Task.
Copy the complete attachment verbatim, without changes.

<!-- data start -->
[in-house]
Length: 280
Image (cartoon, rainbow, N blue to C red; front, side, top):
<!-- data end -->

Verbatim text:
[in-house]
Length: 280
Image (cartoon, rainbow, N blue to C red; front, side, top):